To be fair to the intrepid meteorologists of the Weather Network and Environment Canada, the last 12 weeks have featured some of the poorest weather that drivers in CKL have ever seen. Snow, ice, freezing rain and wind have made getting out to shop very difficult, and many local businesses admit to that. A record number of school bus cancellations since January has been a pretty good indicator of what travelling has been like for much of the last three months. One local women’s store admitted that they hadn’t seen some of their most loyal customers since Boxing Day, and these individuals have not gone south. When it is even hinted that the weather could be bad, they stay home. This store owner is waiting desperately for a spring thaw so her customers “can come out of hibernation.”

The final factor cited by almost everyone I surveyed is truly the “elephant in the room” to anyone with a brick and mortar retail operation – online shopping. Online shopping is weather proof and can be done from the porch of your vacation home in Honduras. It also provides endless variety and the retailers never close. For exotic items, no trip to a larger centre is needed. I knew online shopping was a “thing” when one acquaintance had a 62-inch flat screen television shipped to his home after purchasing it from Amazon, and another acquaintance bought his winter tires online, and not from a traditional automotive retailer. A number of retailers told me that with online retailing cutting dangerously into their bottom lines, students looking for summer employment this year to pay for college and university will be hard pressed to find that work as they won’t be hiring.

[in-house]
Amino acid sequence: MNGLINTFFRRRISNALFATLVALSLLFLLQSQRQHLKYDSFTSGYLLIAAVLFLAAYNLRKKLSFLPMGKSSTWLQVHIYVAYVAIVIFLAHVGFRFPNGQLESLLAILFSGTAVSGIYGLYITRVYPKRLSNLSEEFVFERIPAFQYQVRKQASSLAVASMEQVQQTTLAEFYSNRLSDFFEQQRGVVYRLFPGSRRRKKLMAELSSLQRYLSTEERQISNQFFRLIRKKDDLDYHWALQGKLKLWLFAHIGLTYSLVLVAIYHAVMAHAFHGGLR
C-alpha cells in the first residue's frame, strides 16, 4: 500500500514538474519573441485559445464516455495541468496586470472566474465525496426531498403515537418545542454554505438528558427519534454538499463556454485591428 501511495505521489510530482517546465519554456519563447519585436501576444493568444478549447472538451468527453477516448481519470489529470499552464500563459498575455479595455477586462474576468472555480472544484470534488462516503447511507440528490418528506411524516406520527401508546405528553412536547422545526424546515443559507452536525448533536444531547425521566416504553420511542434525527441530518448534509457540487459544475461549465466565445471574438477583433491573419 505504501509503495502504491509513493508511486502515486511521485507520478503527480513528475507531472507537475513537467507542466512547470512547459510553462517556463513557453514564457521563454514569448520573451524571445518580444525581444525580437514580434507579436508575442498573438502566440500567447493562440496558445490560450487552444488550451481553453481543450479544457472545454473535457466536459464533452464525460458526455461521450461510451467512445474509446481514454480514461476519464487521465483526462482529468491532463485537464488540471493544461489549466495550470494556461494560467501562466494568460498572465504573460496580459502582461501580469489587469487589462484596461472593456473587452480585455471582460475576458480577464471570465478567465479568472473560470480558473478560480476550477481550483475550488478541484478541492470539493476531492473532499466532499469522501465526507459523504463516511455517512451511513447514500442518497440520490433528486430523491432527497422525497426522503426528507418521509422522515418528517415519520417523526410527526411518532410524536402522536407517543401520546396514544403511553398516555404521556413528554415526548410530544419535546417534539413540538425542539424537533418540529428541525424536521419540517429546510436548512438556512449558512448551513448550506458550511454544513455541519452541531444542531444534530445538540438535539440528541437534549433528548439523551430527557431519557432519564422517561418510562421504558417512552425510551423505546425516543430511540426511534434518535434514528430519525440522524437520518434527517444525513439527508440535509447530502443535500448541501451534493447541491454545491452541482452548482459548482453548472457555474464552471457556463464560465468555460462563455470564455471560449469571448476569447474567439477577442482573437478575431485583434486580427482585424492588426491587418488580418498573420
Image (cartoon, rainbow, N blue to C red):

A number of well-established local businesses said that if spring sales don’t rebound in a serious way, they will be reconsidering hours, staffing levels and their brick and mortar locations.

All said they would find it difficult to survive what might be the “new normal” for retail if what they just weathered the last 12 weeks extends much beyond Victoria Day.

Take a look through the pages of our newspaper and note the many fine retailers and service providers who advertise here. Don’t be afraid to shop local. These people are your neighbours and they need your help.

Local NewsDeb Crossen